Tuesday, July 3, 2012

Tongue Twisters!

Did you know...that children hear a letter sound most easily at the beginning of a word? Remember those tongue twisters, clapping and jump-rope rhymes that we use to say as kids, like Miss Mary Mack? When several words have the same beginning sound, it's called alliteration. An easy way to help children recognize those beginning sounds of words is by saying tongue twisters. Singing those tongue twisters and rhymes actually help children develop their phonological awareness - an important early literacy skill. Phonological awareness is the ability to hear the smaller sounds in words. It helps with later reading. Go ahead, try a tongue twister now, for fun! Here are two familiar ones:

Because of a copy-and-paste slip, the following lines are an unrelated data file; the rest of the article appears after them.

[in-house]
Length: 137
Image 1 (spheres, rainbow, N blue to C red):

Peter Piper picked a peck of pickled peppers.
Did Peter Piper pick a peck of pickled peppers?
If Peter Piper Picked a peck of pickled peppers, 
How many pickled peppers were in the peck that Peter Piper picked?


Miss Mary Mack Mack Mack 
All dressed in black, black, black 
With silver buttons, buttons, buttons 
All down her back, back, back. 
She asked her mother, mother, mother 
For 50 cents, cents, cents 
To see the elephants, elephants, elephants 
Jump over the fence, fence, fence. 
They jumped so high, high, high 
They reached the sky, sky, sky 
And they didn't come back, back, back 
'Til the 4th of July, ly, ly! 

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